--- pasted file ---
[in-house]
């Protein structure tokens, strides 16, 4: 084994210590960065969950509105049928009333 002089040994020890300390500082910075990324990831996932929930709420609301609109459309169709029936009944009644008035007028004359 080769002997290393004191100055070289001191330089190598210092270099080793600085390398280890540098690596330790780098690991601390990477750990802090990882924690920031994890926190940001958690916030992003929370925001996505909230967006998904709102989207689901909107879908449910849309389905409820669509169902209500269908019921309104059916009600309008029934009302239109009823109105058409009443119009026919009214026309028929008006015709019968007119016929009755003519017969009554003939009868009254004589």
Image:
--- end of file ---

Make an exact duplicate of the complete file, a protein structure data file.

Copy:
[in-house]
């Protein structure tokens, strides 16, 4: 084994210590960065969950509105049928009333 002089040994020890300390500082910075990324990831996932929930709420609301609109459309169709029936009944009644008035007028004359 080769002997290393004191100055070289001191330089190598210092270099080793600085390398280890540098690596330790780098690991601390990477750990802090990882924690920031994890926190940001958690916030992003929370925001996505909230967006998904709102989207689901909107879908449910849309389905409820669509169902209500269908019921309104059916009600309008029934009302239109009823109105058409009443119009026919009214026309028929008006015709019968007119016929009755003519017969009554003939009868009254004589």
Image: